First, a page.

David Bourget (Western Ontario)
David Chalmers (ANU, NYU)
Rafael De Clercq
Ezio Di Nucci
Jack Alan Reynolds
Learn more about PhilPapers
Philosophical Explorations 9 (2):221-234 (2006)
A series of representations must be semantics-driven if the members of that series are to combine into a single thought: where semantics is not operative, there is at most a series of disjoint representations that add up to nothing true or false, and therefore do not constitute a thought at all. A consequence is that there is necessarily a gulf between simulating thought, on the one hand, and actually thinking, on the other. A related point is that a popular doctrine - the so-called 'computational theory of mind' (CTM) - is based on a confusion. CTM is the view that thought-processes consist in 'computations', where a computation is defined as a 'form-driven' operation on symbols. The expression 'form-driven operation' is ambiguous, as it may refer either to syntax-driven operations or to morphology-driven operations. Syntax-driven operations presuppose the existence of operations that are driven by semantic and extra-semantic knowledge. So CTM is false if the terms 'computation' and 'form-driven operation' are taken to refer to syntax-driven operations. Thus, if CTM is to work, those expressions must be taken to refer to morphology-driven operations. CTM therefore fails, given that an operation must be semantics-driven if it is to qualify as a thought. CTM therefore fails on each possible disambiguation of the expressions 'formal operation' and 'computation,' and it is therefore false.
|Keywords||Computational Theory Formal Metaphysics Mind Operation Semantics Syntax Thought|
|Categories||categorize this paper)|
Setup an account with your affiliations in order to access resources via your University's proxy server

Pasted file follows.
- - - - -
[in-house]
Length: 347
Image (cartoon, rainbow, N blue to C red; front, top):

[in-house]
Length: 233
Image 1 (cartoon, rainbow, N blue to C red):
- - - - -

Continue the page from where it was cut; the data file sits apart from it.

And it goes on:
Configure custom proxy (use this if your affiliation does not provide a proxy)
|Through your library|
References found in this work BETA
Jerry A. Fodor (1981). Representations: Philosophical Essays on the Foundations of Cognitive Science. MIT Press.
Jerry A. Fodor (1987). Psychosemantics: The Problem of Meaning in the Philosophy of Mind. MIT Press.
Edmund Gettier (1963). Is Justified True Belief Knowledge? Analysis 23 (6):121-123.
Jaegwon Kim (1993). Supervenience and Mind. Cambridge University Press.
John R. Searle (1980). Minds, Brains and Programs. Behavioral and Brain Sciences 3 (3):417-57.
Citations of this work BETA
No citations found.
Similar books and articles
Rick Szostak (2005). Evaluating the Historiography of the Great Depression: Explanation or Single‐Theory Driven? Journal of Economic Methodology 12 (1):35-61.
William J. Rapaport (1995). Understanding Understanding: Syntactic Semantics and Computational Cognition. Philosophical Perspectives 9:49-88.
A. H. Lachlan (1975). Uniform Enumeration Operations. Journal of Symbolic Logic 40 (3):401-409.
Murat Aydede (2000). On the Type/Token Relation of Mental Representations. Facta Philosophica 2 (1):23-50.
Charles E. M. Dunlop (1990). Conceptual Dependency as the Language of Thought. Synthese 82 (2):275-96.
Rolf Schock (1964). Contributions to Syntax, Semantics, and the Philosophy of Science. Notre Dame Journal of Formal Logic 5 (4):241--289.
Murat Aydede (2005). Computation and Functionalism: Syntactic Theory of Mind Revisited. In G. Irzik & G. Guezeldere (eds.), Turkish Studies in the History and Philosophy of Science. Springer
John-Michael M. Kuczynski (2006). Two Concepts of "Form" and the so-Called Computational Theory of Mind. Philosophical Psychology 19 (6):795-821.
Added to index2009-01-28
Total downloads182 ( #18,701 of 1,796,192 )
Recent downloads (6 months)40 ( #21,462 of 1,796,192 )
How can I increase my downloads?